Tucson Estates Property Owners Association, an Arizona nonprofit corporation, Plaintiff/Appellant,
Estate of Ross E. Jenkins, Deceased, an unmarried man, reputed owner; Ross E. Jenkins Jr.; Patricia Boileau; and Kathryn Jenkins, Defendants/Appellees.
from the Superior Court in Pima County No. C20181637 The
Honorable Lee Ann Roads, Judge Pro Tempore
Carpenter, Hazlewood, Delgado & Bolen LLP, Tucson By
Jason E. Smith and Kaycee S. Wamsley Counsel for
Eckerstrom authored the opinion of the Court, in which
Presiding Judge Eppich and Judge Espinosa concurred.
Tucson Estates Property Owners Association
("Association") appeals from the trial court's
award of partial attorney fees and costs. The court ordered
that award after entering final default judgment in favor of
the Association. For the reasons that follow, we affirm.
and Procedural Background
"We view the facts in the light most favorable to
upholding the trial court's ruling." Hammoudeh
v. Jada, 222 Ariz. 570, ¶ 2 (App. 2009). The
Association is comprised of owners of real property within a
subdivision in Pima County. The members are subject to the
Association's Covenants, Conditions, and Restrictions
("CC & Rs").
In April 2018, the Association filed a complaint against the
estate of Ross E. Jenkins, a deceased individual who owned
property subject to the CC & Rs, as well as Jenkins's
named and unnamed heirs and devisees (collectively, the
"Estate").The Association sought judicial foreclosure
of the property to enforce an assessment lien imposed against
the property, the principal balance of which totaled $5,
367.56. The Estate never appeared or contested the
In September 2018, the Association applied for an entry of
default against the Estate. In November 2018, the Association
requested attorney fees in the amount of $3, 155.50 and costs
in the amount of $985.71. It based its claim on A.R.S. §
33-1807(H) and the CC & Rs, which provide that
the Association may collect reasonable monthly assessments
against each owner; that delinquent assessments "shall
become a lien" upon the property; and that if the
Association employs attorneys "to enforce said
lien," the property owner and other parties named in
such an action "shall pay all reasonable attorney fees
and costs incurred." The CC & Rs further specify
that "in the event the Association receives judgment
against any person for a violation or threatened
violation," it "shall also be entitled to recover
from such person reasonable legal fees and costs." The
Association filed an affidavit based on its attorneys'
billing records in support of its application.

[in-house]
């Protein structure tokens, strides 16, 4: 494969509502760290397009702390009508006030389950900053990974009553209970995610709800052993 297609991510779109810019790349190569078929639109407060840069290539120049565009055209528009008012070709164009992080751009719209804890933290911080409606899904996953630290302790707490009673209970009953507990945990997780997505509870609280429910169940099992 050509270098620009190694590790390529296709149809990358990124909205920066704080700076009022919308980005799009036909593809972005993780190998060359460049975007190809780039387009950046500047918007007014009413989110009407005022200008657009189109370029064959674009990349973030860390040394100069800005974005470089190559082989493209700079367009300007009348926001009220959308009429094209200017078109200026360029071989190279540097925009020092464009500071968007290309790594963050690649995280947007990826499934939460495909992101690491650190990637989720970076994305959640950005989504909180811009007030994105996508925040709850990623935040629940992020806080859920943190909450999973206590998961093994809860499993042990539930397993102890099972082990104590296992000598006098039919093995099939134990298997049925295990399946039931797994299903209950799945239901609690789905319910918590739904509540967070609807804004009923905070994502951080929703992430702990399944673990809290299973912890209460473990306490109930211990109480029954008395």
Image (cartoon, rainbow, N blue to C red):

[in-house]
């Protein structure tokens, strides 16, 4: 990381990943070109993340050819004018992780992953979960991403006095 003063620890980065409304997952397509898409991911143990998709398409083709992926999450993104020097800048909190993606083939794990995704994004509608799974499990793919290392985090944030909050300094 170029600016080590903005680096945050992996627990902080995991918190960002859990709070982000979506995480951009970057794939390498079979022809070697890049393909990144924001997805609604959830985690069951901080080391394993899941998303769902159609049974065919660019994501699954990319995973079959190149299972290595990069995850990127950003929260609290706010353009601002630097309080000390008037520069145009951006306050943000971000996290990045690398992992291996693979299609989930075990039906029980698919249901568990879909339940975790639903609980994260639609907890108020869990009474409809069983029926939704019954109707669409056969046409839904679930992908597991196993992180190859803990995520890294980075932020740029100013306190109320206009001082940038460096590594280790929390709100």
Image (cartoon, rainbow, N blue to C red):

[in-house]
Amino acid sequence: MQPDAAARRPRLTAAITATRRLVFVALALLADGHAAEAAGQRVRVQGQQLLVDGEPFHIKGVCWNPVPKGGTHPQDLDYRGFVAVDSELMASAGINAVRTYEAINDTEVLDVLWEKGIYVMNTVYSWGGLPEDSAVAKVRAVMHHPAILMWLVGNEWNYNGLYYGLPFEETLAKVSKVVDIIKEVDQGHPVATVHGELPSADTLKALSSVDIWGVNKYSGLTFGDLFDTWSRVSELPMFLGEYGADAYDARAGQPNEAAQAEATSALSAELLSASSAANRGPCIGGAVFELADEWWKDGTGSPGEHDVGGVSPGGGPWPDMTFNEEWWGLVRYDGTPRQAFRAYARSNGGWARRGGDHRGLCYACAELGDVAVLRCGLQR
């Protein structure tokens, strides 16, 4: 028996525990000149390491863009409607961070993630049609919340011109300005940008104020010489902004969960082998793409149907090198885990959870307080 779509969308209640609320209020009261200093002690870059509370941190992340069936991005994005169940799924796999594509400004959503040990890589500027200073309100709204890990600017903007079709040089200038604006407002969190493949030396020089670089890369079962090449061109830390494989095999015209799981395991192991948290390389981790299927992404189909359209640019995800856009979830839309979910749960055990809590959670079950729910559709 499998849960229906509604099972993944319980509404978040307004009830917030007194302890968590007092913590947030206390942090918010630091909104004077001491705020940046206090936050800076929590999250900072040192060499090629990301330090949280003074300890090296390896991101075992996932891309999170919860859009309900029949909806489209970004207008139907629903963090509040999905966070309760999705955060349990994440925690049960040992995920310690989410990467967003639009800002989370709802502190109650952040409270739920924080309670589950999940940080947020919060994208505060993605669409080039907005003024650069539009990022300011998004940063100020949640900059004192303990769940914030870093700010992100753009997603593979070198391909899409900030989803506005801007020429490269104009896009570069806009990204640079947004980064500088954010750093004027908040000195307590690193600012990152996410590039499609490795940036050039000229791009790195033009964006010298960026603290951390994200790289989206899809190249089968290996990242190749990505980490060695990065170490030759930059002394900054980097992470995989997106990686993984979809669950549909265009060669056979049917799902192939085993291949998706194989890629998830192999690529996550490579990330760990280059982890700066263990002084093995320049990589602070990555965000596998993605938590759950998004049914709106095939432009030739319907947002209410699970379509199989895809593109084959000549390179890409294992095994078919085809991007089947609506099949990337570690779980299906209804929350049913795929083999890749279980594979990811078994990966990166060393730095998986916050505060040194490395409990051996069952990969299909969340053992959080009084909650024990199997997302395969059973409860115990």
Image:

In December 2018, after a hearing at which the Estate did not
appear, the trial court ordered default judgment in favor of
the Association, but it reduced the fee award to $1, 000. The
court also reduced the cost award to $631.26. The Association
objected and requested the court provide further detail as to
the costs and charges it found excessive or unnecessary,
which the court provided during the hearing.
Judgment was entered in December 2018. This appeal followed.
The Estate did not file a responsive brief. When an appellant
raises a debatable issue in a civil case, we may, in our
discretion, treat the failure to file an answering brief as a
confession of error. See McDowell Mountain Ranch Cmty.
Ass'n v. Simons, 216 Ariz. 266, ¶ 13 (App.
2007). "It is, however, our duty to examine the record
to determine whether there are debatable issues."
Air East, Inc. v. Wheatley, 14 Ariz.App. 290, 292
(1971). Because we agree with the Association's assertion
that the reduction of fees and costs in similar default
judgment cases is a recurring issue in our trial courts, we
exercise our discretion to decide this case on its
merits. We have jurisdiction pursuant to A.R.S.
§§ 12-120.21(A)(1) and 12-2101(A)(1).
The Association argues the trial court erred by awarding only
a portion of the attorney fees and costs it requested.
Specifically, the Association asserts that, "[a]bsent an
opposing affidavit setting forth reasons why the billing rate
or hours expended are unreasonable," it "is
entitled to its attorneys' fees and costs incurred in
this matter" because it submitted a fees affidavit in
accordance with Schweiger v. China Doll Rest, Inc.,
138 Ariz. 183 (1983). The Association further argues the
court had no reasonable basis for reducing its fees by nearly
seventy percent. And, it contends the court's
determinations that some of the requested fees were excessive
"constitute clear error."
"[A]n award of attorneys' fees is left to the sound
discretion of the trial court and we will not overturn such
an award unless the trial court abused its discretion."
A. Miner Contracting, Inc. v. Toho-Tolani Cty.
Improvement Dist.,233 Ariz. 249, ¶ 40 (App. 2013).
"To find an abuse of discretion, there must either be no
evidence to support the superior court's conclusion or
the reasons given by the court must be 'clearly
untenable, legally incorrect, or amount to a denial of
justice.'" Charles I. Friedman, ...